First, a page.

### My FIRE Number to Reach for Financial Independence

My FIRE Number |

Soon I came across a simple formula for calculating how much money I would need to retire or, in my case, not to worry about money. This is commonly known as the FIRE number, and the formula is 25 times the annual expense:

FIRE Number = 25 X Annual Expense

Plugging in this formula with my current annual expense of $22,368, the result is $559,200. This is my FIRE number if I were to live with my current lifestyle with my current expenses not changing. However, I feel like I can do better.

Since the majority of my expenses is rent, with 66% of my expenses going toward my rent of $1,224 per month, if I can cut down or eliminate it then my annual expense would decrease to $7,680. Consequently, my FIRE number would be $192,000. This is a massive reduction in the amount of money I need to save.

So my goal is two folds: 1) Find a way to eliminate my rent, which is my biggest expense, and 2) Save around $200,000 in the shortest time possible.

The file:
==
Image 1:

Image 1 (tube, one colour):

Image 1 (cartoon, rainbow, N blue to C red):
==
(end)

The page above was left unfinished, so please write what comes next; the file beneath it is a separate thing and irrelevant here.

Now you might be asking "Why does this simple FIRE formula work?" It works if you invest the savings in something that will return at least 4% per year. That way, if you spend 4% of your savings each year then your principle stays the same. In my example, 4% of $192,000 is $7,680, which is my annual expense if I eliminate my rent.

One investment vehicle is the stock market. The stock market, on average, returns 7 to 8% per year with inflation accounted. So if I invest all my savings into a stock market index, like the S&P 500, then I would get a return of around 7% annually. With a 4% withdraw rate, I'm still gaining about 3% on my savings each year. This 3% is a good cushion in case the stock market drops, which it does once in a while.

So it's that simple: save 25 times your annual expense and invest your savings in a stock market index fund.

One caveat is that all this assumes that my lifestyle doesn't change all that much so that my annual expense stays relatively the same. It means I won't be making big purchases, such as buying a new car every few years or buying a house, both are fine with me.

$200K is what I aim for right now. With my current employment, I can certainly reach that goal in three to four years, that is if I can eliminate my rent completely. Realistically, I should save more than $200K in case of emergencies. The more I can save and sooner I can invest the better.

So there you have it. $200K is my FIRE number and is the minimum threshold for my financial independence. What is your FIRE number and how would you reduce your expenses to make it more attractive?

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